When does a replacement kitchen or bathroom need building regulations approval?

07.12.2018
Blog Post
Replacement kitchen - Building Regulations application

The majority of domestic like for like replacement kitchens or bathrooms won't need any form of building regulations approval, but if you're modifying the existing layout then approval may be needed.

This might be due to (from the Building Regulations):

"3(b) the provision or extension of a controlled service or fitting in or in connection with a building;
3(c) the material alteration of a building, or a controlled service or fitting;
3(d) work required by regulation 6 (requirements relating to material change of use);"

A "controlled service or fitting" means;
"A service or fitting in relation to which Part G (Sanitation, hot water safety & water efficiency), H (Drainage & Waste Disposal), J (Combustion appliances & fuel storage systems), L (Conservation of fuel & power) or P (Electrical safety) of Schedule 1 imposes a requirement."

"None of the work, or any part of it, should at any stage result in not complying with or being more unsatisfactory with a relevant requirement where previously it did."

Confused?!

So what does it mean and just how is it relevant to replacement kitchens and bathrooms?

Are you undertaking the provision or extension of a controlled service or fitting?

Does this require building regulations approval?

If you move the boiler to another location. Yes (Part J)
If you leave the boiler where it is but extend the flue.  Yes (Part J)

If you install a new gas appliance. 

Yes (Part J)

If you relocate the sink. 

Yes, if the installation of the fitting or fittings will involve alterations to, or new connections to, a drainage stack or an underground drain, the above ground wastes and drains are controllable (Part H). So is the installation of hot water and wholesome water to the sink (Part G).

If you relocate the bathroom appliances. 

Yes, if the installation of the fitting or fittings will involve alterations to, or new connections to, a drainage stack or an underground drain, the above ground wastes and drains are controllable (Part H). So is the installation of hot water and wholesome water to the bath, shower, wash basin and bidet. (Part G).
If you replace a window or external door.  Yes, this is a renovation of a thermal element (Part L1B)
If you install a new window or external door.  Yes (Part L1B)
If you install an electrical circuit. 

Yes (Part P)
 

If you install or alter fixed electrical equipment in the kitchen. Yes, if the circuit is within the 'special location' measured 2.25m vertically from the floor or shower head (if higher) and within 600mm of any bath tub or shower tray (Part P).
If you install or alter fixed electrical equipment in the kitchen. No, this is non-notifiable work unless a new circuit is provided e.g. installing a new built-in cooker or prefabricated modular lighting is non-notifiable unless a new circuit is required. The work still falls within the scope of (Part P) and should be certificated in accordance with BS7671 and local authorities can still take enforcement action if they consider the work non-compliant and unsafe.
If you install an extract fan.  Yes, if it requires a new electrical circuit, the extract should go to outside where possible (Part P).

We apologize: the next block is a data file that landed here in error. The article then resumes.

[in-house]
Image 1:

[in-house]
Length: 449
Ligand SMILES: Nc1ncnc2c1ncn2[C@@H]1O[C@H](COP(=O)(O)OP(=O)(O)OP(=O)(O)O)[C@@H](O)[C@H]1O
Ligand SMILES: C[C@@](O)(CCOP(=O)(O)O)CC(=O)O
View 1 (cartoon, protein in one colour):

Are you carrying out a material alteration ?

Removing load bearing walls to accommodate a new layout is a structural alteration. Design and fire resistance will be needed for the new lintel, bearings and foundations may need to be examined for suitability.

Removing doors (or non-load bearing walls) between the kitchen and other rooms, particularly to a staircase, will affect means of escape (B1). Additional precautions in other parts of the property may be needed such as escape windows, interlinked smoke and heat detection, and additional fire resistance (B3). Alternatively you may need to retain the door(s) so it is no worse than before. (Both in Part B.)

Are you carrying out a material change of use?

This classification involves the creation of a dwelling, subdivision to create more than one dwelling or flat or room for residential purposes. The installation of a second kitchen would indicate this likely use and building regulations approval would be required and possibly planning permission.

Could alterations alter the status of a building?

Other than change of use (above), a request may also be received to install a kitchen in a conservatory. Some conservatories are exempt from the requirement for a building regulations application unless the external doors are being removed or the opening widened to open it up to the main house. This removes the exemption status enjoyed by the conservatory and approval is needed.

If that happens, it reverts to an extension of the main house and thermal compliance will be difficult to achieve because of the excessive glazing. An open kitchen/dining space is a popular alteration to properties and care is needed to ensure compliance is possible.

If your building is listed in some way, for its architectural or historic interest and/or is located in a sensitive urban or rural environment (e.g. a conservation area or an area of outstanding natural beauty), then alterations may require additional consent from the planning department.

Remember the reference "Not complying with or being more unsatisfactory with a relevant requirement where previously it did"? This means that the works must not make fabric, services and fittings less compliant than they previously were – or dangerous.

For example, the provision of replacement double glazing must not worsen compliance in relation to: means of escape; air supply for combustion appliances and their flues; and ventilation for health.

Electrical installations must not worsen compliance in relation to:

  • structure (depth of chases in walls, notches in floor and roof joists)
  • fire safety (provision of detection systems, fire resistance of penetrations through floors and walls)